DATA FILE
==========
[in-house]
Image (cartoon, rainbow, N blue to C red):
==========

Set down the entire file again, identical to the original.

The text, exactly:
[in-house]
Image (cartoon, rainbow, N blue to C red):